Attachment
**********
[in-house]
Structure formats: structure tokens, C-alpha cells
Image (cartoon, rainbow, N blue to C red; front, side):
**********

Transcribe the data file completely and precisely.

[in-house]
Structure formats: structure tokens, C-alpha cells
Image (cartoon, rainbow, N blue to C red; front, side):